Reading Java API documents

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This article is for you, if:

  • You understand the basics of Java but do not know how to understand and user third party libraries
  • You are a Java programmer, and you trying to find out the way you can communicate to your collegues, how they can use the components created by you

This article is not for you, if:

  • You are not aware of methods, classes etc of Java

What is an API document?
API document are also called Java docs and is used to communicate the low level programming interface to programmers. API docs highlight one of the important principles of OOPs, which is 'abstraction'. These documents gives only the programming interface and hide the complexity of the interface. In simple terms, it means, the API docs tells what arguments a method will take and what will be the result returned. However, it will not provide the details of how the result is reached.

 

Understanding elements in API document

Let us take the API document for J2SE 1.4 from Sun Java website.

The document with Frames are convenient to use.

You must have noticed that, the docs are divided into three sections.

  • Package explorer
  • Class and Interface explorer
  • Description section

Let us dig deep with examples for each element to understand this better:

Package explorer

The left top section contains all the packages for the library in question. For this example, it is the packages present in J2SE 1.4 like java.lang, java.io etc. Clicking any of the package in the package explorer will provide only the list of classes & interface in the class explorer. Also, there is a 'All classes' link, which is show all the classes & interfaces in J2SE 1.4.

Class and Interface explorer

This section is present in the left bottom of the Java docs, just below the package explorer section. It shows all classes, interfaces, exceptions and errors present in the selected package. All interface names are italics styled for differenciation.

Description section

The description section contains all the details. When you click on a package, it shows the details of that package and when you click on a class/interface it shows the details of it.

Let us check an Interface. Click on the class List present in java.util package.
We get the following information reading the description section:

  • List interface extends Collection interface
  • It provide links to all known classes which implement this interface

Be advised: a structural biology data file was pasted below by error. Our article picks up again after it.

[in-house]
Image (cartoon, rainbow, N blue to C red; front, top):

• A detailed description of the interface itself
  • Method summary provide the details of all the methods that are defined in the interface. The method summary provide the method signature and return type. Since the methods in an interface are by default abstract, we do not see this variation for List interface. For viewing details of a particular method we can click on that method. We can see the details of the method like what each argument means and what will be the logic of the method. For example, check the add(int, Object) method. It also provides details of the exceptions which the method throws.

Lets check the information displayed for a class. Let us take the Integer wrapper class present in java.lang.

  • In the description top, the class name will be marked with abstract to indicate if the class in abstract class.
  • The field summary shows any public instance variables present in the class. Example MAX_VALUE variable. Once clicking it, we see that this field is also defined as public static final variable.
  • When you want to create an instance of a class, you need to know, which constructors are present for that class. How do we get this information? Constructor summary provides this information.
  • The Integer wrapper class can be instantiated using String parameter or primitive int parameter. We get to know, that it does not have a empty constructor. So, Integer intTotal = new Integer(); will give compilation error. Clicking a constructor gives more information. We can see that the Integer constructor using String parameter throws a NumberFormatException, if the String is not parsable to integer.
  • In the method summary, we see some methods marked as static. This helps us understand that the method can be called without creating an instance. For example intValue() is not marked static but parseInt is marked as static. So, we can use both the methods as below:

 

	Integer intObj = new Integer(10);
int i = intObj.intValue();

int j = Integer.parseInt("10");

 

  • The method summary also shows if a particular method is abstract. 
  • After the method summary, there are sections which show the methods which were inherited from parent class.

 


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